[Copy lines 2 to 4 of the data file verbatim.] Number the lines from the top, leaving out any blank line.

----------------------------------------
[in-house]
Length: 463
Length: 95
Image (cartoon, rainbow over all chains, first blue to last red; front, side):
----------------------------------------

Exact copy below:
Length: 463
Length: 95
Image (cartoon, rainbow over all chains, first blue to last red; front, side):